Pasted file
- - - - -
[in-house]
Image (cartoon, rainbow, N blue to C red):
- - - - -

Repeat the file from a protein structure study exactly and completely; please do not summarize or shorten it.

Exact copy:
[in-house]
Image (cartoon, rainbow, N blue to C red):